Through this turning loose of domestic frustrations, Wickham offers a sense of new meaning and association attached to the female spectacle, but also a mass of contradictions. In ‘Affinity’, Wickham scrutinises her silence:

It is sad for Feminism, but still clear
That man, more often than woman, is a pioneer.
If I would confide a new thought,
First to a man must it be brought (10).

Such lines are imbued with multiple connotations: it reflects an early twentieth-century cultural struggle and a woman’s passionate engagement with it, but also remains poised in conversation in an effort to move to viable modes of expression, as she continues:

If my sex would let me speak,
I would be very lazy and most weak;
I should speak only, and the things I spoke
Would fill the air a while, and clear like smoke (11).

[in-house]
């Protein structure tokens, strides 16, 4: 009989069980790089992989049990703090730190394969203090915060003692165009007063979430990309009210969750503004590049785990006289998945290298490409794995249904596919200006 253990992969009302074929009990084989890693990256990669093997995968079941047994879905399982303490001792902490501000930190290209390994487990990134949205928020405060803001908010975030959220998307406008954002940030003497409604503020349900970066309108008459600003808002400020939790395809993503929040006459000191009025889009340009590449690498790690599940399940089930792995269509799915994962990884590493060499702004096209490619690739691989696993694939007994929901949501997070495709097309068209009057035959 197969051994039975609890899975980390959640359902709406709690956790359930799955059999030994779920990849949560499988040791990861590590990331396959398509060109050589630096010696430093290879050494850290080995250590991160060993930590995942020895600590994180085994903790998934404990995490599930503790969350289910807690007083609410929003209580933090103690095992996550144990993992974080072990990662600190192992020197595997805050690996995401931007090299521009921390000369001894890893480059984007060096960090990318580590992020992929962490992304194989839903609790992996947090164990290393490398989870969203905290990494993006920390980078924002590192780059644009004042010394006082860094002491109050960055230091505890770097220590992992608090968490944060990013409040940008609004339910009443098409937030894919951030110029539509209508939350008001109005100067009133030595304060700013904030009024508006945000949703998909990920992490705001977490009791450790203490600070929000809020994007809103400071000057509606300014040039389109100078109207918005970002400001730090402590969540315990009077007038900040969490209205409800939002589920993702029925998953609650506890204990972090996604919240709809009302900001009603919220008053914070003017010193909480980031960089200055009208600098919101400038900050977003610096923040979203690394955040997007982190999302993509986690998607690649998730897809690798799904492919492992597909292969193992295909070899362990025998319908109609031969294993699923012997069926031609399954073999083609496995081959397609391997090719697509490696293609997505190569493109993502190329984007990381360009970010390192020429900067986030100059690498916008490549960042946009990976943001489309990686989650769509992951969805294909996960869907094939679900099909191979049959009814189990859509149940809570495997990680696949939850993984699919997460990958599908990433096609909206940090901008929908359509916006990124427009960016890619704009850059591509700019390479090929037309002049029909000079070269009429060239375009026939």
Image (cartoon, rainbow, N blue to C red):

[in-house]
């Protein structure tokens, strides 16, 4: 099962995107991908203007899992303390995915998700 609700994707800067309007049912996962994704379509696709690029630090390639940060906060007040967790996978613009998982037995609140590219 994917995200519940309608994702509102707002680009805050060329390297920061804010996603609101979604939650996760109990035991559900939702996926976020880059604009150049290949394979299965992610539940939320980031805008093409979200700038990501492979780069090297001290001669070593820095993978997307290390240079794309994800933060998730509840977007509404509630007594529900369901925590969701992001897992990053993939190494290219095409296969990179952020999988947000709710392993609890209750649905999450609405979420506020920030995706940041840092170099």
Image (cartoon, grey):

This provocation calls to change, but also the need for traction, without which it is doomed to disintegrate.

The juxtapositions of moods and contradictions between the speaker’s voice and actions are also suggestive of Wickham’s destructive, albeit liberating, force of imagination. In particular, Wickham’s poems dwell on the tensions between anxiety and ‘Fear’ (102) that are laced throughout the text, imagining an existence absolved of the female frontier, gender and sex. For instance, consider ‘The Woman and a Dilemma’ (83). From the outset, the speaker establishes that

The gentleman I married
Says I ruined his intelligence
By marrying him

but the

gentleman I did not marry
Says I ruined his intelligence
By not marrying him (83)

The speaker is caught between asserting agency, desire, and the social boundaries imposed by her time. A ‘Marriage’, she considers, is ‘An affair of the Intelligence’, however, she is only adept to make such decisions when she is sexless; ‘I will borrow a book of a eunuch’ (83). The entirety of the work is fragmentary and turns on its heel in all directions at once, ultimately an affair of intelligence concerned by herself and yet also a refusal to repression and oppression.